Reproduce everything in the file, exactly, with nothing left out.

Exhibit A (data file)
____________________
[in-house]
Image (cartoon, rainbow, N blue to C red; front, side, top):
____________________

[in-house]
Image (cartoon, rainbow, N blue to C red; front, side, top):